13 Dec Stepping into the unknown
8 weeks ago I was asked, completely out of the blue, if I would like to row The Pacific Ocean from San Francisco to Hawaii in a Word Record attempt.
For anyone who knows me, that kind of proposition is like a red rag to a bull. But that wasn’t always the case. And even though I jumped at the chance and instinctively knew this was an adventure MADE for me, it doesn’t mean for a second that I know (a) what I’m getting myself in for or (b) that I’m not terrified about doing it.
But what I’ve learned in recent months is that sometimes you have to step into the unknown and figure the rest out later.
When I set up my business, Barreworks, single concept Studios didn’t even exist. I quit my successful career in advertising to re-train in teaching barre and found a Studio space in London to rent. I did that during a recession. Foolish perhaps. I had no idea if it would work out, if London was ready for barre, if I was any good at teaching it, or if the business would last 6 months. But I knew I was spell-bound by the method. I knew that I would work day and night to make a success of it and that I was so passionate about the effects of the workouts that others surely would be. I celebrated our 10th year at that same Studio space earlier this year. And to this day, I maintain that every day, I pretty much made it up as I went along.
When I left my husband of 20 years, I was almost paralysed with fear of managing life on my own. He handled all of our affairs. I didn’t even have my own bank account. I literally didn’t know where to start. But I knew that I would figure it out. People do that every, single day. And above all, instinctively I knew it was the right decision. I took it one system at a time, one spreadsheet at a time, one Sollicitor’s meeting at a time.
When I applied for SAS Who Dares Wins, I was full of doubt. Was I fit enough? Could I really compete on a level with men? Was I too old? Would I risk being ridiculed? But I knew as soon as I saw that applications were open to women, that I had to at least put my hat in the ring. As soon as I had done that, I couldn’t stop thinking about it. At every stage of the application process I felt more and more positive and optimistic.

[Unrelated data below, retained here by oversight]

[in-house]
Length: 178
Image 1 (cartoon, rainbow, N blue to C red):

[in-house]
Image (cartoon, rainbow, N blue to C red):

When I applied to give a Ted Talk, I felt equal amounts of fear and exhilaration. What better platform from which to tell my story? But how utterly terrifying to do it for the first time in such a public and high profile way! Now I’m rehearsing with the Ted coaching team and starting to get butteries of excitement about doing it!
Feel the fear and do it anyway has become a bit of a mantra to me.
And so it’s for that reason (and many others!) that I said yes to rowing The Pacific. Because that’s the first step. And in many ways, the hardest part. And on a day when I rowed 31km in one session, that seems somehow ironic. But the truth is that if you can find the courage to start, you can find the means to carry on and somehow get to the end. Right now, I’m so immersed in planning, fundraising, team building and physical training that I don’t have time to think about the 60ft waves or the shark infested waters. Perhaps that’s a means of self-protection, or, some may say, denial…! But I will cross that proverbial bridge when I come to it and I know from experience that when I do, I will be in a far better place to deal with it.
Placing too much focus on the end point of a challenge, personal goal or ambition can be really overwhelming. Which in turn can prohibit you from even taking a first step towards it. Procrastination is the biggest thief of time. Given the chance, you can talk yourself out of anything – so don’t give yourself that chance. Sign up for a 10km run, a sponsored trek, a new course to get you on your way to having the career of your dreams. It all starts somewhere, but only you can make that first step.
In my more carefree moments, I think about arriving on a 24ft boat in Hawaii with a cracking suntan and muscles on my muscles. I think about the welcome, I think about the prospect of a world record, I think about the incredible memories we will create as a team of four. In my darker moments, I think about being locked in a the cabin during gale force storms, or breaking oars, or running out of food. I think about rowing for 50 days, 2 hours on two hours off and how unbelievably difficult that seems right now. But try not to indulge those musings, I choose instead to focus on the here and now. What I have to do right now, or tomorrow or the day after that to get one step closer to the start (or finish) line.
Break it down. Enjoy the process. TRUST the process and you will realise your dreams. And even if you don’t, what you learn along the way will be life changing